Written by: Valerie Burgos
A new strain of avian influenza has state officials concerned about its potential impact on Georgia’s $25 billion poultry industry.
When the outbreak first occurred in January 2015, the Iowa poultry industry lost $427,000 in production and 8,500 jobs, according to A. Bruce Webster, a University of Georgia professor of poultry science. Minnesota also lost more than $107 million in wages and 2,500 jobs were jeopardized, Webster said.
“If the avian influenza were to break out, we would lose a lot of our export market,” Webster said. “Georgia’s poultry is 20 percent of our exports and if you can’t suddenly sell that export we would have an oversupply, causing chicken prices to go down … but if we have a serious outbreak, then we would be dealing with a shortage in supply … and you might wind up paying more for chicken.”
Webster said the preventative measures taken in Georgia are enough to protect the state from an outbreak. However, there is still a chance this disease may spread if farmers do not follow the preventative measures.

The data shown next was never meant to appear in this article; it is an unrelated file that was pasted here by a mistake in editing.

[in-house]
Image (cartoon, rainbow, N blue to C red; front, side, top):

Summary information on avian influenza from the UGA Poultry Sciences Department:
- This new strand is highly pathogenic – expected to kill most of the flock that is exposed to it.
- It can be transmitted by wind, wild flock and water fowl.
- There is no vaccination that will stop this disease.
- It is not contagious to humans – only to avian species.
- The price of chicken, eggs, and turkey products could increase or decrease, depending on if an outbreak occurs in Georgia and how serious it is.
- Chicken and turkey products sold in stores will not be affected.
- The U.S. Department of Agriculture is monitoring all chicken products to make sure the products sold in grocery stores are disease-free. They are also eliminating all infected flock within 24 hours of their diagnosis, and cooking will kill the virus.
- There is concern that will would cause a paralysis of the industry, loss of production and trade.
- Various agencies, including the National Poultry Improvement Plan and USDA are keeping poultry farms under surveillance to make sure an outbreak does not occur.
The USDA offers recommendations for poultry farmers at https://www.aphis.usda.gov